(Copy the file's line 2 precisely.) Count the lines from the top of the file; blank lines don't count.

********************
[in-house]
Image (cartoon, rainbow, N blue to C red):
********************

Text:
Image (cartoon, rainbow, N blue to C red):